2

I'm going to answer this question from a literal interpretation - dfan's answer gives some nice background that may be what you're looking for but doesn't answer the question directly. There are three things to note about Kasparov - Deep Blue specifically: The match was actually really close. There have been accusations that IBM actually cheated by not ...


2

Note that IBM's chess computer was called "Deep Blue", not "Big Blue". It was dismantled a long time ago and current chess engines are significantly stronger than it anyway. There have been some handicap matches against computer chess engines, although I'm not aware of any very recent ones. In 2007 Rybka played a match against GM Jaan Ehlvest with pawn ...


2

I'd like to address a slightly different question: would a grandmaster be favored to win over a computer given time odds? I say this because even a weak player has some statistically significant probability of beating a world champion eventually, even if it took the rest of time. The answer to my modified question, I believe the answer is no. Programs and ...


2

Absolutely not, a human has no chance whatsoever to win against supercomputers these days, even at 10 to 1 ratio on time. Chess engines on supercomputers are so sophisticated these days that they can calculate up to 200 million moves per second, versus a human's ability to calculate 2 moves per second at most. Besides, the computer -- just like a human -- ...


2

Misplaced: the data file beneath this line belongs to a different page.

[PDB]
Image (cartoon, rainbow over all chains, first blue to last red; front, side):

Nope Time odds are irrelevant on the computational side. Computation of chess positions is easily parallelized, meaning additional computational resources can be brought to bear independently of time constraints. The linear component of the processing will be trivially small compared to the time controls.


2

makes no sense. Opening theory is thrown off the window the moment you give material odds. All considerations about "knowing the opening" do not apply. Play the type of game that allows you to put pressure without trading pieces. In the English opening, white has a queen. You won't be playing an English opening. I'd suggest you to go for a position with a ...


1

we have even odds when poor player myself (1200 lichess) gets 5 minutes and stronger player him (1900 lichess) gets 1 minute That's probably not too far out. As I wrote in this answer about some of the winding down at the prize-giving party after the 2019 Isle of Man: IM Lawrence Trent (~2400) was playing blitz / bullet with Caruana with 3 minutes to ...


1

The queenside pieces are less missed than their kingside equivalents, not only in defense but also in attack. Giving the kingside piece amounts to increasing the handicap. This would be most pronounced if the bishop's pawns were involved, because the square on which they originally stand is the weakest point in the uncastled position, and vacating it ...


1

This question raises a couple of topics: What is the minimum amount of time per move a player needs in order to avoid blunders, displacing the pieces, fingerfehlers, etc. When the time handicap is considerable, how do you prevent the stronger player from profiting from the weaker player's time? Is there a rating (or rating gap) beyond which additional time (...


1

Like some people have mentioned in the thread, both time and piece handicaps are popular in chess. You also can do "wager" handicaps if you're playing for cash or play-money currency. There are several chess websites that now offer handicapping to help bridge the often vast skill-level differences in chess. Out of all of them I recommend: http://www....


1

I play against kids at my high school, and they're terrible. I can handicap a queen and both rooks, but usually I still win. When you're playing against low-skill players, handicaps don't matter much.